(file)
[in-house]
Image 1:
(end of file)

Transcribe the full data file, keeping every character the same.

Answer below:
[in-house]
Image 1: